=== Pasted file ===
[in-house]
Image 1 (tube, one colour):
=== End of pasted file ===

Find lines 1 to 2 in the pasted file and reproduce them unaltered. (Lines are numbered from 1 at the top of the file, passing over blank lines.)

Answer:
[in-house]
Image 1 (tube, one colour):